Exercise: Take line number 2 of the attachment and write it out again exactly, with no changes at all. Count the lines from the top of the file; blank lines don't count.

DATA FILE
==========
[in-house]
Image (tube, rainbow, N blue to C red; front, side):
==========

Image (tube, rainbow, N blue to C red; front, side):